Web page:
Other Research Articles

AIDS and Behavior

, Volume 9, Issue 4, pp 485-493

First online:

Traditional Healers for HIV/AIDS Prevention and Family Planning, Kiboga District, Uganda: Evaluation of a Program to Improve Practices

  • Agnes SsaliAffiliated withTraditional and Modern Health Practitioners Together Against AIDS (THETA)
  • , Lisa M. ButlerAffiliated withCenter for AIDS Prevention Studies, Department of Medicine, University of California
  • , Donna KabatesiAffiliated withTraditional and Modern Health Practitioners Together Against AIDS (THETA)
  • , Rachel KingAffiliated withTraditional and Modern Health Practitioners Together Against AIDS (THETA)
  • , Agnes NamugenyiAffiliated withDistrict Health Team
  • , Moses R. KamyaAffiliated withDepartment of Medicine, Makerere University
  • , Jeffrey MandelAffiliated withCenter for AIDS Prevention Studies, Department of Medicine, University of California
  • , Sanny Y. ChenAffiliated withSan  Francisco Department  of  Public  Health
  • , Willi McFarlandAffiliated withCenter for AIDS Prevention Studies, Department of Medicine, University of CaliforniaSan  Francisco Department  of  Public  HealthSan Francisco Department of Public Health Email author 

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In the face of ongoing epidemics of HIV/AIDS and STI, high demand for family planning, and limited resources, traditional healers may be under-utilized providers of reproductive health education in rural sub-Saharan Africa. We implemented a training program in HIV prevention and family planning methods for healers in the Kiboga district of Uganda and evaluated the program's impact on healers' clinical practice and the diffusion of information to their female clients. Of 46 healers recruited, 30 (65%) completed a pre- and post- training interview. Following training, traditional healers increased discussions of family planning with their clients. Of 84 female clients recruited, 44 (52%) completed the interview before and after the training for healers. Female clients corroborated that they increased discussions of family planning with their healers, as well as discussions about HIV/AIDS. Both healers and their female clients were more likely to make a connection between family planning, condom use, and HIV prevention after the training compared to before the training. Findings provide evidence that traditional healers in a rural area of Uganda can successfully adapt HIV prevention messages and family planning information into their clinical practices.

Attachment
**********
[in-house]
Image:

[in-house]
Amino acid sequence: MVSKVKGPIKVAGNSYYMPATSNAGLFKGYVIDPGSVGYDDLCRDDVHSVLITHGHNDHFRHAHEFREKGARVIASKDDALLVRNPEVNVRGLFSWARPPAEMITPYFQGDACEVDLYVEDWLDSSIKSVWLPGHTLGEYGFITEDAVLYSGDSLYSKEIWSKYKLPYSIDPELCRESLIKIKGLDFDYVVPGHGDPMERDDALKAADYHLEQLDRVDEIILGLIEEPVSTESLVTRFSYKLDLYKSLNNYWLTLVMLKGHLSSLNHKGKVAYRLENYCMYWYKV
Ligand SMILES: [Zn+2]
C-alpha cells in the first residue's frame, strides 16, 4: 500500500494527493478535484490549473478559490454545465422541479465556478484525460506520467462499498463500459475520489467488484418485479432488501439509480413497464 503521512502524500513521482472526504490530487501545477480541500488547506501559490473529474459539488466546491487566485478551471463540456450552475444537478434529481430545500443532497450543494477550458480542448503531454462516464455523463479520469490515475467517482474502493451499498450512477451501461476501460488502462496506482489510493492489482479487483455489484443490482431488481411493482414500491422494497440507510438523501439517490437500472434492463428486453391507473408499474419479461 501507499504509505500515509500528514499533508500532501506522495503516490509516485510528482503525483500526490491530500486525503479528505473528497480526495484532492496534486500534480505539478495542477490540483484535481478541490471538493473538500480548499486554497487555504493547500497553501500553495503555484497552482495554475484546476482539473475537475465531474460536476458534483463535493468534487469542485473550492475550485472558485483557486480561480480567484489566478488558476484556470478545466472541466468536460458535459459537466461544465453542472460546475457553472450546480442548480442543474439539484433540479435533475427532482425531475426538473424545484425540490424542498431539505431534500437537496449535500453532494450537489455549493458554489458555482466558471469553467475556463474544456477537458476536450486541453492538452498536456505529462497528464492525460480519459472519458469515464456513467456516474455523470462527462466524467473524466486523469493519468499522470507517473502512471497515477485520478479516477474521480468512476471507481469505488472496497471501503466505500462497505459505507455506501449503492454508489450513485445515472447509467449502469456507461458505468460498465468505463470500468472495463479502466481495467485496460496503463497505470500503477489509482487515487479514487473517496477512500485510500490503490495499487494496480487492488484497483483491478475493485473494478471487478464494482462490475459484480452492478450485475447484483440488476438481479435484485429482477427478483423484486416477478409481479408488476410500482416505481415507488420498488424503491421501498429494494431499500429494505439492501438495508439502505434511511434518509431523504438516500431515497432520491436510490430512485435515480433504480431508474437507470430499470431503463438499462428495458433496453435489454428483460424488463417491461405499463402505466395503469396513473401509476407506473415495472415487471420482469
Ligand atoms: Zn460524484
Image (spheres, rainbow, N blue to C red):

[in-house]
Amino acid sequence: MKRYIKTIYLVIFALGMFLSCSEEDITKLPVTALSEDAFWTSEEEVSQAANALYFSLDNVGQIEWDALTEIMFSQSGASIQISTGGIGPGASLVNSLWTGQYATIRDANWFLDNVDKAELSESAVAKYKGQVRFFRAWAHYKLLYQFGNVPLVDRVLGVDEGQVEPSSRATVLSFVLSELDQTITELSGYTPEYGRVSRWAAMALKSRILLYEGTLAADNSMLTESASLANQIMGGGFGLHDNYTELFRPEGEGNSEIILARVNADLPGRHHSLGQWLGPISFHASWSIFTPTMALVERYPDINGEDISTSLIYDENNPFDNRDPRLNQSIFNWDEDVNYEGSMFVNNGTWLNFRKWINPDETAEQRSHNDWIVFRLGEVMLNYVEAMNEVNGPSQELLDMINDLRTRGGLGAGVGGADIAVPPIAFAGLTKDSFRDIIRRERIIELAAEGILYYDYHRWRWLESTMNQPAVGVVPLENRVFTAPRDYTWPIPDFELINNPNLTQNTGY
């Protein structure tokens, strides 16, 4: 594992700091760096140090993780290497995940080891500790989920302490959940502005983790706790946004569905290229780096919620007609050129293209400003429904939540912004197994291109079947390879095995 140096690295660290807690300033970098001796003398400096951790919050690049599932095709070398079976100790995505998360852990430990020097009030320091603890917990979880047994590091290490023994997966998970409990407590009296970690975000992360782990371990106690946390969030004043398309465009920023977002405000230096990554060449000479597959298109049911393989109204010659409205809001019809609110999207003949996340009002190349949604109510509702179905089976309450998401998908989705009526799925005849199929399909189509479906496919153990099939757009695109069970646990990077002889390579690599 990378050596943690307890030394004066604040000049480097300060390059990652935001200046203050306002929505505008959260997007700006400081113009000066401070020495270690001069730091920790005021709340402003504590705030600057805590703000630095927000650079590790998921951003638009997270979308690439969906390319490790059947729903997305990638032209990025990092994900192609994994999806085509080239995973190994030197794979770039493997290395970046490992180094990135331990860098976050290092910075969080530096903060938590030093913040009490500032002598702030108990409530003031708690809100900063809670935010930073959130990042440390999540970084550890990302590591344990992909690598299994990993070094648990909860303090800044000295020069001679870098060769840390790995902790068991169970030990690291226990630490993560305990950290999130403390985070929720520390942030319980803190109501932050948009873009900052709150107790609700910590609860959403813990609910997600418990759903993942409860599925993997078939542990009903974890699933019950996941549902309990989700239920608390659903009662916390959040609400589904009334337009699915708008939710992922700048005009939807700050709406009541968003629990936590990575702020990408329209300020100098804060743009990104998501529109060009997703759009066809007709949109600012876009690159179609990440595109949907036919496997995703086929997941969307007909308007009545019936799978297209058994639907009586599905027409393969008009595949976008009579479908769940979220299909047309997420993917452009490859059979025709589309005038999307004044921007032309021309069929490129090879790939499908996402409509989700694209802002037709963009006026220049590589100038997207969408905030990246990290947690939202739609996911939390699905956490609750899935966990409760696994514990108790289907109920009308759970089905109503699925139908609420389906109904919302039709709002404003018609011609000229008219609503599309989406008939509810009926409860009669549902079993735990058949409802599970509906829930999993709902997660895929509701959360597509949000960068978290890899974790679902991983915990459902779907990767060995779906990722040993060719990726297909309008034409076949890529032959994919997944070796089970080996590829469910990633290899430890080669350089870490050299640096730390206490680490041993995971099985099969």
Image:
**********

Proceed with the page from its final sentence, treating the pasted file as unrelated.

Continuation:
KEY WORDS:

traditional healers uganda HIV prevention family planning